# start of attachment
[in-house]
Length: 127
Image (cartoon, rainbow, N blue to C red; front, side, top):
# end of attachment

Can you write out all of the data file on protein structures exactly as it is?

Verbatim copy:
[in-house]
Length: 127
Image (cartoon, rainbow, N blue to C red; front, side, top):